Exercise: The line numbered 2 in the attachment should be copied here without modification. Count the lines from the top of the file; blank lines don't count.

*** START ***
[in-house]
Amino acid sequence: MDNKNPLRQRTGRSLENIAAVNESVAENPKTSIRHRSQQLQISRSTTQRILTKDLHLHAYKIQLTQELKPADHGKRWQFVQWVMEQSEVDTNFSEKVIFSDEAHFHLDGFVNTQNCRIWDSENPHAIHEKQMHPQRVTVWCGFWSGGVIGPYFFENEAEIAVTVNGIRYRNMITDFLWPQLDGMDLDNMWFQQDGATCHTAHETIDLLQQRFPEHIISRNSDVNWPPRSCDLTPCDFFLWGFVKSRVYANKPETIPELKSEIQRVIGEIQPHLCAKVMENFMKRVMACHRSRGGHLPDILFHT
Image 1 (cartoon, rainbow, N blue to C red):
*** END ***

Amino acid sequence: MDNKNPLRQRTGRSLENIAAVNESVAENPKTSIRHRSQQLQISRSTTQRILTKDLHLHAYKIQLTQELKPADHGKRWQFVQWVMEQSEVDTNFSEKVIFSDEAHFHLDGFVNTQNCRIWDSENPHAIHEKQMHPQRVTVWCGFWSGGVIGPYFFENEAEIAVTVNGIRYRNMITDFLWPQLDGMDLDNMWFQQDGATCHTAHETIDLLQQRFPEHIISRNSDVNWPPRSCDLTPCDFFLWGFVKSRVYANKPETIPELKSEIQRVIGEIQPHLCAKVMENFMKRVMACHRSRGGHLPDILFHT